Hunter had spent the last two years of WW1 working on his cousin’s farm in Lanarkshire. It was also a time of intense study and experimentation in his art as he wrestled with the theories of Van Gogh, Cezanne and Gauguin. His discovery of the Fife landscape and shoreline inspired a series of plein air sketches, which proved a turning point in his development. He described having ‘smashed through to something, forward in strength and simplicity and backward in refinement…’ as exemplified in this vibrant sketch of the fishing village of Lower Largo.
George Leslie Hunter, 1877-1914
Born in into a well-to-do family from the Isle of Bute , Hunter’s formative life as an artist was spent in California where, aged fifteen, he had emigrated with his family. A passionate draughtsman and despite no formal training, he became an accomplished illustrator for leading publications in San Francisco. A striking Bohemian with an eye for the ladies, he had a rackety love life fathering an illegitimate daughter in Paris before the war.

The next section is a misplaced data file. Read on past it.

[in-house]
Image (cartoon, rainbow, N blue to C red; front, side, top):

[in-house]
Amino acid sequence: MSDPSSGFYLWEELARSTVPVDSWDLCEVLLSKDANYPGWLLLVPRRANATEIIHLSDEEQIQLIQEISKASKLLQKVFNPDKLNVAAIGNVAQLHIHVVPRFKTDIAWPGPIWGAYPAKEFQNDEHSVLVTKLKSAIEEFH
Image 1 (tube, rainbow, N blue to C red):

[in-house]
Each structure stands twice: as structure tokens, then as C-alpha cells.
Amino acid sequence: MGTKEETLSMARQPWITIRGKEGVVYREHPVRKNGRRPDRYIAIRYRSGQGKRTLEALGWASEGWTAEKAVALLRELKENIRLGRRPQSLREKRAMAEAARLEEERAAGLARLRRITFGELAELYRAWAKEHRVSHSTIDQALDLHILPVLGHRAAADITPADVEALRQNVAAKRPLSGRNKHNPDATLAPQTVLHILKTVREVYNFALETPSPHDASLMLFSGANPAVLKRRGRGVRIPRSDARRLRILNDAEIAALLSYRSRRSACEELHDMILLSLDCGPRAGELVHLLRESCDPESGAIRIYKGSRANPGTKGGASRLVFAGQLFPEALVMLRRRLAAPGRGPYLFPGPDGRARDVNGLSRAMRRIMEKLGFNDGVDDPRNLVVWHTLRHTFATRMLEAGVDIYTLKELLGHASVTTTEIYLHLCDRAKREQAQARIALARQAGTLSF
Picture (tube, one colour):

Fired by a trip to Europe in 1904, he determined to break free of illustration to become a painter. His ambitions turned to ashes when all his new work was destroyed in the 1906 San Francisco earthquake on the eve of his first solo exhibition.
Aged 29, Hunter retreated to Glasgow to rebuild his life as an artist, which resulted in a successful exhibition in 1913 of still lifes inspired by old Dutch and modern French masters. Spending the war labouring (lightly) on a cousin’s farm in Lanarkshire, he continued to push the boundaries of his art until he found his path as a colourist triggered by his discovery in 1919 of the landscape and shoreline of Fife.
Hunter’s vocation as a colourist and his understanding of modern masters, particularly Van Gogh and Matisse, resulted in some of the most individualistic and authentic works by the group. However his chaotic private life marked by heavy drinking and ‘nerve attacks’ led to periods of artistic block. He died from medical neglect in 1931, aged 54.